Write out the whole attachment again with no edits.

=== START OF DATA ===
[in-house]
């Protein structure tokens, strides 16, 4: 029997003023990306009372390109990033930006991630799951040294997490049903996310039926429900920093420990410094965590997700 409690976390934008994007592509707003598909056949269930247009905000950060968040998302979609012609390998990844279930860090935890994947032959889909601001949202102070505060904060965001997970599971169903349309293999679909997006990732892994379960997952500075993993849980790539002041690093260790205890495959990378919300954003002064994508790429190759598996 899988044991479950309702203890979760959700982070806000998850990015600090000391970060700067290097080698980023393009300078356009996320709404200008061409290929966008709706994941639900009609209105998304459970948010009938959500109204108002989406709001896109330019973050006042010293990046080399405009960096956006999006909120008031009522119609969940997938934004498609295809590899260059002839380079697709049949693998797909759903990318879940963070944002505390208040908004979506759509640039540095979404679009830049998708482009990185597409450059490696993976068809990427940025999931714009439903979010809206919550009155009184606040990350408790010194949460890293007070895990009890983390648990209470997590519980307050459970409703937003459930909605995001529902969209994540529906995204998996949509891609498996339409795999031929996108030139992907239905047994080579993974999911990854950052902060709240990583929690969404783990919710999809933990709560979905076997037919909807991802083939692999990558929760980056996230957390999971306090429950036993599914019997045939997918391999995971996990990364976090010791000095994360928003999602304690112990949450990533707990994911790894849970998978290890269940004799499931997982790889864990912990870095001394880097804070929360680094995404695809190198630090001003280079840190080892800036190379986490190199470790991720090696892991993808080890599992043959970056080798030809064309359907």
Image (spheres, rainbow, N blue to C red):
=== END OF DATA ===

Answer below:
[in-house]
């Protein structure tokens, strides 16, 4: 029997003023990306009372390109990033930006991630799951040294997490049903996310039926429900920093420990410094965590997700 409690976390934008994007592509707003598909056949269930247009905000950060968040998302979609012609390998990844279930860090935890994947032959889909601001949202102070505060904060965001997970599971169903349309293999679909997006990732892994379960997952500075993993849980790539002041690093260790205890495959990378919300954003002064994508790429190759598996 899988044991479950309702203890979760959700982070806000998850990015600090000391970060700067290097080698980023393009300078356009996320709404200008061409290929966008709706994941639900009609209105998304459970948010009938959500109204108002989406709001896109330019973050006042010293990046080399405009960096956006999006909120008031009522119609969940997938934004498609295809590899260059002839380079697709049949693998797909759903990318879940963070944002505390208040908004979506759509640039540095979404679009830049998708482009990185597409450059490696993976068809990427940025999931714009439903979010809206919550009155009184606040990350408790010194949460890293007070895990009890983390648990209470997590519980307050459970409703937003459930909605995001529902969209994540529906995204998996949509891609498996339409795999031929996108030139992907239905047994080579993974999911990854950052902060709240990583929690969404783990919710999809933990709560979905076997037919909807991802083939692999990558929760980056996230957390999971306090429950036993599914019997045939997918391999995971996990990364976090010791000095994360928003999602304690112990949450990533707990994911790894849970998978290890269940004799499931997982790889864990912990870095001394880097804070929360680094995404695809190198630090001003280079840190080892800036190379986490190199470790991720090696892991993808080890599992043959970056080798030809064309359907």
Image (spheres, rainbow, N blue to C red):